The Mix Tape, Vol. 72
Have a happy, healthy, and productive 2021. Thank you for reading and reaching out this year—it means more than you know.
Now, welcome to this week’s Mix:
The magic of non-doing
Budweiser discovers the magic of free beer
HBO’s “How Can You Mend a Broken Heart” documentary
Progress over perfection
The Magic of Non-Doing
Many of us are now making plans and setting goals for the year ahead.
Almost always, this is an additive process: I want to learn this, have that, and achieve this other thing.
But we should also think about what o remove and not do, says Paul Millerd:
Yet as I’ve found when you do say no and create a space, more interesting things emerge.
I’m a big fan of reading books with advice of people near the end of their life or who have gone through hell and lived to tell the tale. Almost all of these books seem to have the same advice:
Don’t sweat the small stuff. Don’t get caught up in extrinsic goals. Love the people that matter. Don’t put off bold risks. Have fun.
Embracing a state of non-doing gave me the clarity to see the things that matter and belief that its worth non-doing them now rather than some day down the road.
Sometimes, doing less leads to better quality and surprising new pathways.
Budweiser discovers “free beer” is a solid Internet awareness strategy
Ari Lewis, on Budweiser’s innovative and viral campaign:
This week Lionel Messi, a soccer player for Barcelona, scored his 644th goal. This wasn't just any goal. His goal broke the record for most goals ever scored by a player for a single club.
To celebrate, Budweiser sent a specially numbered beer for each Messi goal to the goalkeeper who gave it up. One goalkeeper received 17 beers.
Goalkeeper Gianluigi Buffon supported the campaign with a sponsored tweet:
Lewis nails why this worked:
Now, any brand can get a "celebrity" to promote their product. But that doesn't mean it will achieve reach. Budweiser knew this. That's why this campaign was so good. It didn't seem forced. It seemed natural. It seemed like something Buffon would tweet without being paid.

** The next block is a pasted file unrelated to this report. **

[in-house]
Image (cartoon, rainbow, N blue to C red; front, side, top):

Online endorsements and sponsorships are increasingly common—and similar in execution. Budweiser found success with a unique idea that allowed players to express genuine admiration for Messi’s achievement.
How Can You Mend a Broken Heart
If, like me, you enjoy a good rock documentary, you’ll enjoy HBO’s “How Can You Mend a Broken Heart,” which details the lives and career of The Bee Gees.
The Bee Gees were insanely prolific and talented songwriters:
The Bee Gees elevated catchiness to a kind of transcendence. The blissed-out harmonies, the melodic rapture that caressed you with its melancholy sweetness (“How-w-w-w can you stop…the sun from shining?…What makes the world go round?”), the way their songs had unexpected chord changes that could make an emotion leap into the next dimension — if you didn’t like the Bee Gees, it’s probably safe to say you don’t like pop music. They wrote over 1,000 songs, including 20 number-one singles in the U.S. and the U.K., and those songs became the soundtrack to a lot of people’s lives.
The Bee Gees were also masters of reinvention, retooling their sound as the music industry changed. They rode the disco craze to incredible heights with the “Saturday Night Fever” soundtrack, which stayed on the Billboard charts for 120 weeks.
As disco fell out of favor, the The Bee Gees fell as far as they rose. As always, the reinvented themselves and came back again.
HBO’s documentary is a study in perseverance and reinvention, backed by some of the greatest songwriting of the 20th century.
Progress over perfection
Powerful vizualizaiton of a tweet from Ryan Stephens:
A robust portfolio is important because we never know what the masterpiece will actually be.
You see this everywhere. A musician’s throw-away single becomes a monster hit. A quickly assembled blog post goes viral.
Keep creating. A portfolio is both a hedge against, and an asset for, unpredictability.
Thank you for reading and sharing.
Please hit reply if you have questions, comments, or open rebuttals. (Or just want to say hi.)